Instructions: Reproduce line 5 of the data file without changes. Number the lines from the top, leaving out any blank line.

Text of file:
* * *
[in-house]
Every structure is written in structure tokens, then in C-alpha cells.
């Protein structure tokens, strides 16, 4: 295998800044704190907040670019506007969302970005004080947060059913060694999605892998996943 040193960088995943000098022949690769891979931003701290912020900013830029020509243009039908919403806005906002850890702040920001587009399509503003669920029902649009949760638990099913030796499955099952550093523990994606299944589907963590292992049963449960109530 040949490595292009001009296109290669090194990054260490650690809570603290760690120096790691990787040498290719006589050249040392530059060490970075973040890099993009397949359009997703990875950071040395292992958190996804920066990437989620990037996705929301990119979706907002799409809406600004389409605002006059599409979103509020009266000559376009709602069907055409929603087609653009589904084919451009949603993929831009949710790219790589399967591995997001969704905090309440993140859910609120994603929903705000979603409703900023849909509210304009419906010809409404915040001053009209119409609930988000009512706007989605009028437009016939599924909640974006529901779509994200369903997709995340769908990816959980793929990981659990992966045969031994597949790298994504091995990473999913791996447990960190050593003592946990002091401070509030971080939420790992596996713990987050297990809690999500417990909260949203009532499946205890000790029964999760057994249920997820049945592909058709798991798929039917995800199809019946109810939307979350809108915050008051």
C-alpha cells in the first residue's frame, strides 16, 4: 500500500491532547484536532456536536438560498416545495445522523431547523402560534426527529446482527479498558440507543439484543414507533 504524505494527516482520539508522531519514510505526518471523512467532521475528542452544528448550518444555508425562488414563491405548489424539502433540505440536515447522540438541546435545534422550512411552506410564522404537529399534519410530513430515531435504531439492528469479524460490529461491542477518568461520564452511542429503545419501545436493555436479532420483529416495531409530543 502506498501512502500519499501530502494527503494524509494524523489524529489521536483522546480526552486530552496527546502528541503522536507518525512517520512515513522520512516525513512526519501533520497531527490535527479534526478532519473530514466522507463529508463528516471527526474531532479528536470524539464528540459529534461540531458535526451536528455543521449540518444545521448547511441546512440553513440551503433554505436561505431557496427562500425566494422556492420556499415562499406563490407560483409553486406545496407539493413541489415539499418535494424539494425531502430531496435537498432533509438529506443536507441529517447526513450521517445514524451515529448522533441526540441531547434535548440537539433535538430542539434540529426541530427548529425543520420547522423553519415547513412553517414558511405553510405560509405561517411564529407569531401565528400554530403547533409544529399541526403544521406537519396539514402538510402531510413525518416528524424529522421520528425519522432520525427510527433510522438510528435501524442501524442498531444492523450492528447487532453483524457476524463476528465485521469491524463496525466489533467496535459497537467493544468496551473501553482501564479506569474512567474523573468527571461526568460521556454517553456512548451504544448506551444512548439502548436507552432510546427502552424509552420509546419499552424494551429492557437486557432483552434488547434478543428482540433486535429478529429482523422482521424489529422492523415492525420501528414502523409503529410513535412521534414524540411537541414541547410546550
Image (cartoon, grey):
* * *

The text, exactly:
Image (cartoon, grey):